The tech company has rolled out its first smartphone which has a 4.7-inch display, a high-definition camera and a free help service
Amazon is trying to take a big bite out of Apple’s lucrative smartphone market. In the aptly-named Fire Phone, the American internet company boasts “breakthrough technologies” to challenge the established players.
Founder Jeff Bezos unveiled Amazon’s first smartphone, which has a 4.7-inch display, a high-definition camera and a free help service.
The Fire Phone also ties in to Amazon’s vast array of other offerings, serving as a platform for digital content such as books, films and music, and connecting customers to the company’s cloud storage.
“Fire Phone puts everything you love about Amazon in the palm of your hand – instant access to Amazon’s vast content ecosystem,” said Bezos.
The handset has what he calls a “dynamic” display which shows images in three dimensions, and a scanner which recognises products for sale. Amazon described these features as “two new breakthrough technologies that allow you to see and interact with the world through a whole new lens”.
The so-called “dynamic perspective” uses a sensor system “to respond to the way you hold, view and move Fire, enabling experiences not possible on other smartphones”, Amazon revealed.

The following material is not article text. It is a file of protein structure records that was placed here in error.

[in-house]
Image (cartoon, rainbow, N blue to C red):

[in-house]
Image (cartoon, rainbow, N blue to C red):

Another feature dubbed “Firefly” recognises things in the real world such as web and email addresses, phone numbers, bar codes and millions of products. Contrary to some speculation, Amazon is not shaking up the pricing model for the smartphone market – selling the device to US customers at $200.
Still, analysts gave a mixed reaction, saying Amazon did not appear to offer a compelling reason to consumers to switch, but could appeal to its loyal customers. “There are people who know and love all things about Amazon, and that’s the low-hanging fruit,” said Ramon Llamas, a mobile analyst at IDC. “But this is an uphill challenge to get people to give up their current smartphones and switch to this one.”
Sarah Kahn, telecom analyst at IbisWorld, was also sceptical about the Fire Phone. “[This is] not different enough,” she said, before adding: “[But] Amazon’s goal is always to get you one click closer to purchasing, so this integrates completely with that strategy.”
Compiled from AFP